Most people I know would be better off buying a home if it depreciated at 2% annually in perpatuity because at the end of 30 years at least they’d have something. At the end of 30 years of renting you still owe the next months rent.

Do you see the difference there… In one case you made a bad investment that lost money every year for 30 years and you OWN SOMETHING worth much much less than you paid for it. You’re really dumb!

In the other case you made no investment and you OWN NOTHING AT ALL.

Both are bad… which is worse?

Posted by y2kurtus | Report as abusive
 

Probably Roubini is hedging against a dive in the value of the USD. If it goes down vis-a-vis the Euro or Yuan (which he often gets paid in, presumably) his mortgage payment goes down, taxes go down, etc.

Most Americans don’t earn a substantial chunk of their income in other currencies. We don’t think like Roubini the Great.

Posted by LadyGodiva | Report as abusive
 

I dunno, y2kurtus, but I keep coming back to one inescapable fact…

For an investment of 10x to 12x the equivalent rent we secured a supply of housing that has met our needs very well over the last decade and is likely to continue to meet them well for the next 10-15 years. The choice made sense with a 6% mortgage and made even more sense after refinancing. It will look even better when the mortgage is paid off fully in a few years and we can put the cash flow to work in other ways.

Posted by TFF | Report as abusive
 

Hate to nitpick but as an East village resident, his apartment is not upstairs but down the block. DBGB is in a big new glassy building but it’s not a condo, it’s a rental. The condo is a few doors down on 1st street.

that said, let us welcome Roubinin to the neighborhood; his politics, attitude and intelligence will fit right in.

Posted by Eastvillagechic | Report as abusive
 

@y2kurtus, you’re talking about this, I think:

http://www.felixsalmon.com/2007/03/rent- vs-buy-redux-is-buying-a-useful-commitme nt-device/

I don’t think it applies to Nouriel, because he earns much more than he spends anyway.

@LadyGodiva, if the USD goes down, his rent would go down in euro or yuan equally. It doesn’t affect the rent-vs-buy calculation.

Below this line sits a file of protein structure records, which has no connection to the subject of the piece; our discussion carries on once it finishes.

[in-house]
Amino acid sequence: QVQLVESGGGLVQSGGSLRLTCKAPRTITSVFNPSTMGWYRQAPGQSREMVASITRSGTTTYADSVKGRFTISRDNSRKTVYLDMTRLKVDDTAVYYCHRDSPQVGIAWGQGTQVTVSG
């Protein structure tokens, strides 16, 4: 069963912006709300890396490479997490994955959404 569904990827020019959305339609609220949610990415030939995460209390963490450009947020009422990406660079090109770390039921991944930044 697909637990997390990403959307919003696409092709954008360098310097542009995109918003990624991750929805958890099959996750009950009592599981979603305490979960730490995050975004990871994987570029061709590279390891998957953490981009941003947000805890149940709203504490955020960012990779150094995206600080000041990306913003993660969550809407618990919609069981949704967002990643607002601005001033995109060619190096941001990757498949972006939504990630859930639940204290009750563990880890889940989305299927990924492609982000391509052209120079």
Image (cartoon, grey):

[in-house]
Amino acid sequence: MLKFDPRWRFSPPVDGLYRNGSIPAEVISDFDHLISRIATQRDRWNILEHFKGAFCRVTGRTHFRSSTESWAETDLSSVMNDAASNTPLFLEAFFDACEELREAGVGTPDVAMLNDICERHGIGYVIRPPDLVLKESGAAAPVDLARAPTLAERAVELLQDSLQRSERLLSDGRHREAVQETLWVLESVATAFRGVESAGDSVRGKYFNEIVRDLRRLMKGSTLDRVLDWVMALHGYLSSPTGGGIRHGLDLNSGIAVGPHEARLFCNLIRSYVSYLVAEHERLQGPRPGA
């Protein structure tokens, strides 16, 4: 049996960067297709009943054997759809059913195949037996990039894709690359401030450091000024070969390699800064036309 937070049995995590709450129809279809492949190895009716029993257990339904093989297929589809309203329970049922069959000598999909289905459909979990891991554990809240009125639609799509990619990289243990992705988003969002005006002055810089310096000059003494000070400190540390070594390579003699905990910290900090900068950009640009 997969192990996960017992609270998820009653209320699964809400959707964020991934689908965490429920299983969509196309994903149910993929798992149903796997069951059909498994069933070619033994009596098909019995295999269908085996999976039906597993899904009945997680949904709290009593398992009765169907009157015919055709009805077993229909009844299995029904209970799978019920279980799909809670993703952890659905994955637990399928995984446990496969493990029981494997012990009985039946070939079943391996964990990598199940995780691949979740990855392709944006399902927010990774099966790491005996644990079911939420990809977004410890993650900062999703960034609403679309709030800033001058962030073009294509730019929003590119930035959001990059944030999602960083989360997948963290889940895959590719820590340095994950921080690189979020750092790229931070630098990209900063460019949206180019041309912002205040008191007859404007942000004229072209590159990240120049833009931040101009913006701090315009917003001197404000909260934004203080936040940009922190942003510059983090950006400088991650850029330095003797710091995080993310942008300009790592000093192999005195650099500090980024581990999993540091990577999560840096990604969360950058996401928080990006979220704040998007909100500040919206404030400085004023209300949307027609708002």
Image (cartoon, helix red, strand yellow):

Posted by FelixSalmon | Report as abusive
 

Felix –

To take Lady Godiva’s thought a bit further, consider if a generalized inflation across currencies. It didn’t take any crisis at all to get us to QE2. By currency fixing, China is matching us at every step, and they have major inflation. It seems like only a matter of time before their inflation is exported to us.

If we have substantial inflation ahead, its great to own. Methinks your inflation assumption of 2% is way too low, given the structural deficits around the world. The 2% figure is far below any historical averages even.

Posted by DanHess | Report as abusive
 

DanHess, we are in a naturally deflationary period while the Chinese are in a naturally inflationary period. QE2 and the other Fed actions may be boosting inflation by 3% to 5% right now, which (when added to the base tendency) would be the only thing keeping us out of the red. Added to the natural pressures in the Chinese economy, that same figure is pushing them into the high single digits.

This reminds me of the Cold War showdown with the Soviet Union under Reagan. The military buildup was costly for the US, but devastating for the Soviet economy. China’s economy is closer in scale to our own, however we still control the only printing presses that matter. Eventually they will have to concede and allow the yuan to appreciate against the dollar. (I would expect an appreciation of 50% or more over several years. A *huge* shift.)

And yes, I agree that 2% is way too low an estimate for inflation. I’ve been using 4% recently for my own long-term estimates. Of course I also use a 7% estimate for portfolio return (3% real return), which somewhat balances the equation.

Posted by TFF | Report as abusive
 

I think this trade’s a hedge against further USD debasement.

fyi, regular readers of CribChatter.com (dedicated to Chicago real estate) and SocketSite.com (SanFran real estate) know that when properties from those two cities are inputed into the NYT’s calculator it is NEVER better to buy instead of rent.

So I presume that means either rents will soon rise or prices will continue to fall.

But the Fed is doing everything it can to prevent asset values from falling further, just listen to Donald Kohn:

“I think our actions prevented an even more disastrous outcome,” said Donald L. Kohn, who was the Fed’s vice chairman during the crisis. Without the Fed’s help, he said, “liquidity would have dried up even more than it did, asset prices would have fallen even more than they did, and economic activity and employment would have fallen further and faster then they did.”

http://www.nytimes.com/2010/12/02/busine ss/economy/02fed.html

So don’t worry Nouriel — the Fed’s got your back & will protect you from any downside.

Posted by dedalus | Report as abusive
 

P/E of 18 isn’t bad when the costs of money is under 5%. Would be cheaper to buy than own in that case…if you forget about taxes, assessments, and maintanence.

This was probably a little pricey. I’d like it better at 14 to 1 at current rates.

Posted by sditulli | Report as abusive
 

I’ve been to his triplex. It’s a good deal for 5.5 million by NY standards. Better then paying 12 million for a Park Ave boring pad. I must say that it is far too big for a two person household.

Posted by worcester | Report as abusive
 

If you believe that the dollar will implode soon, what is a better investment then buying the most expensive house you can buy and take the largest mortgage you can get. In five years five million dollars will be just enough to buy a new car.

Posted by worcester | Report as abusive